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Friday, February 14, 2020

Beechwood Middle School Students Tackle Amazon Traffic

It was late January in Fort Mitchell, but this Friday morning just felt different.

The big day began as it usually does for Luke Erdman, with breakfast and a healthy dose of anticipation for what will lie ahead after he makes the trek down Beechwood Road to school.

“Oh, today’s the day,” Erdman thought.  “Maybe a lot of people don’t expect 7th graders to do what I’m doing.  They’re coming in.  So I’d better get in my mode.”

Who’s “they”?  We’ll get to that momentarily.

Erdman is a 7th grader in a class known as “Seminar” at Beechwood, a pillar of the newly-created EDGE program that encourages students to collaborate, problem-solve, compromise and be creative.  The EDGE aims to make Beechwood graduates ready for any post-secondary path that awaits by focusing on these soft skills and reinforcing them through real-life learning scenarios.

And third period ended with Ben Lusk, Beechwood’s Director of Curriculum, standing before Erdman and the middle school students in his Seminar class.  Lusk teaches the course and was beaming with pride in the Idea Lab.

“This is what you do in life.  You present.  You try to sell your ideas to people.  And even though you’re a 7th grader, that doesn’t mean you can’t shoot for the stars,” Lusk said.

The metaphor dealt with astronomy.  The students confronted issues that related, quite literally, to what might soon happen on the ground.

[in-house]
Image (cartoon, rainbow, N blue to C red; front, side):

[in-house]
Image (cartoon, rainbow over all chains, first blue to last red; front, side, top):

Amazon is building a brand new facility near the CVG Airport, with a reported completion date expected in 2021.  A job-creating boon to the regional economy, Amazon stands to employ several thousand workers at the new venue, and must manage a steady flow of employee vehicles as well as freight and delivery trucks at the site.

Simply put, traffic flow is a concern.  And how does a region celebrate an economic gift while managing the prospect of congestion?

Enter the Seminar students at Beechwood.

The 7th graders broke into small groups and spent months working with a team from District 6 of the Kentucky Transportation Cabinet.  That’s who “they” are.  The students suggested expanding the roads leading into and out of the facility, re-striping the streets, re-timing the traffic signals, and even building new roads altogether.

Lusk made sure to emphasize that this is a real-life exercise.  “There’s a possibility some of your ideas could go into effect here.”

Any and all solutions were on the table as the students made their proposals for how to alleviate traffic bottlenecks at or near the new Amazon facility.

“I’m very proud of the students,” said Monica Wainscott, who teaches the class along with Lusk.  “I think for me the most exciting part is the growth that happens over the course of the challenges we give them.  I get to see the red light go on.”

The EDGE program encourages students to seek and accept feedback, and embrace the concept that, if unsuccessful at first, a student should keep trying and collaborating to find an optimal solution over time.  The teamwork with the Kentucky Transportation Cabinet included plenty of brainstorming, revision and, ultimately, a presentation.

The team from the Transportation Cabinet said the students’ suggestions were on-point and they left Beechwood very impressed.

“If you all want to come work for us in 5-10 years down the road.  Please, everybody:  send us an application!”, said Dane Blackburn from the Transportation Cabinet.

And reveling in the successes of his students, Lusk couldn’t help but daydream for a moment.

“Imagine as a kid.  You turn 16 years old and get your first car.  And you drive down the road that you helped create.  You can’t replicate that.”

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